Borland’s woodworkers — they call themselves The Toy Workshop— meet every Monday at the Borland’s home to make wooden cars, trucks, airplanes, helicopters and doll beds. It doesn’t stop there. They also make whale-shaped crayon holders, bird houses and beehives and also board games such as puzzles, tic-tac-toe and “the last man.”
On the day of my visit, the work began with coffee and fellowship. Seven men showed up between 7:30 and 8 a.m. including Don Ames, 90, a co-founder of the Annapolis Woodworkers Guild.
Others included youngsters such as 67-year-old Paul Dodson as well as 72-year-old Phil Carrol, 78-year-old Jim Jordan, 78-year-old Will Hottle, 80-year-old Bill Carbin and, of course, host Borland, 78. These men, with an average age of 75.5 years, brought more than 450 years of experience with woodworking to the table since most of them caught the woodworker bug well before they were teenagers.
The 2018 goal of The Toy Workshop is to produce 2,000 toys in time for Christmas. That’s when the toymakers gift the toys to area child care centers and to schools for kids at the pre-school, kindergarten and first grade levels — all on behalf of the Annapolis Woodworkers Guild.
Katie — Borland’s wife of 54 years, mother of three adult daughters and, for 28 years, a teacher of English as a second language — is also part of the story. Each Monday she has the coffee brewing as the toymakers stream in.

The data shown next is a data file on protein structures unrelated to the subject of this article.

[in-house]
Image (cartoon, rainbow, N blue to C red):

When they stop their work at 11:30 a.m., they return from the toy workshop to the kitchen table where Katie will have prepared soup and muffins. On the day of my visit, we had chicken chili and cornbread muffins.
In addition to the delightful fellowship and the Borlands’ hospitality, the toymakers assemble at the home because Borland has a first-class woodworking shop, about the size of a two-car garage, complete with a table saw, band saw, scroll saw, drill press, hammers, chisels, sandpaper and all the other tools of the trade of the modern toymaker.
Reflecting discipline which was, undoubtedly, imposed by Katie, the workshop also has a vacuum system that picks most of the sawdust out of the air and, perhaps most important, off the clothes of the men before they re-enter the home for lunch.
The toymakers are all members of the Annapolis Woodworkers Guild. The Toy Workshop is just one of many programs members carry out under the auspices of the guild.
The Annapolis Woodworkers Guild was established in 1989. Its mission is to preserve the tradition, culture and history of woodworking.